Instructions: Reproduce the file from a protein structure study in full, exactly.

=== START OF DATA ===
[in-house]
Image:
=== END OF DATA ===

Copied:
[in-house]
Image: